CNLG Executive Secretary Jean Damascene Bizimana addresses media in Kigali. (Sam Ngendahimana)
CNLG Executive Secretary Jean Damascene Bizimana addresses media in Kigali. (Sam Ngendahimana)

CNLG shines spotlight on Genocide convicts who have evaded justice

By Emmanuel Ntirenganya, The New Times
Originally Published on 17th December 2019

Some people who were convicted of Genocide crimes by Gacaca courts have been on the run in an attempt to evade justice, the National Commission for the Fight against Genocide (CNLG) has said.

The disclosure was made on Monday, December 16, 2019, as CNLG was appearing before the parliamentary Standing Committee on Human Rights to respond to queries from its 2018/2019 activity report.

The sentences, Jean Damascène Bizimana, CNLG Executive Secretary explained, include prison terms, and community work known as TIG – a French acronym for “Travaux d’Intérêt Général.

Under TIG, convicts would serve part of their sentences doing community services.

Most of them are believed to have relocated to the capital Kigali because it is easy to hide and find jobs there, indicating that some do construction work, among other casual jobs. 

“Others moved to Nyagatare and Gatsibo in search of land. They settled there and it is not easy to detect that they are genocide convicts,” he said. 

He said RIB and CNLG have a list of those convicts believed to have escaped.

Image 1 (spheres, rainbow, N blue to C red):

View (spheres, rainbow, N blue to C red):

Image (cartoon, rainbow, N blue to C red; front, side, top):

However, he said: “Last year, 112 people were rearrested and forced to complete their sentences in prison”.

Bizimana pointed out that many of those who relocated to that Eastern part of Rwanda had committed the genocide in other parts of the country such as the districts of Nyanza, Nyaruguru, and Nyamagabe.

“We know that challenge. When we get a dossier, we work with the National Identification Agency so that we establish whether the person in question was registered. When they did not change names, they can be tracked and arrested,” he said.

However, he said that they are those who changed names to hide their identities making it difficult to detect them.

“There are some who make slight changes in their name. For instance, there is a case, which is still in court, of a businesswoman called Nyirankundabanyangawho was a resident of Gatenga in Kigali. She went to Kenya. Then, Gacaca court handed her a 30-year-sentence [as she was convicted of genocide crimes].

She later returned to the country, Bizimana said, changed her name to Nkundabanyanga which was written on her national identity card, and carried on her bar business.

After that, Bizimana said, Genocide survivors denounced the case and she was arrested by RIB. But, the woman said that she was not the culprit, arguing that she does not bear a different name.

“The case as it stands now implies that she would be charged with document forgery and then arrested for genocide crimes,” he said. 

He said that the information about such cases is collected and is later verified, and competent organs take legal action.

“Whenever and wherever genocide commemoration is held, we get information from survivors that a given person was sentenced by Gacaca, but he disappeared and they point to possible hiding places like Kigali or Mutara (Eastern Province). So, we collect the information from all those who have it,” he said.

“We then search Gacaca files to ascertain whether those people were really sentenced. If we find that someone was sentenced and known his/her whereabouts, we work with police and RIB so that the culprits are arrested and complete their sentences,” he said.

Originally Published in The New Times

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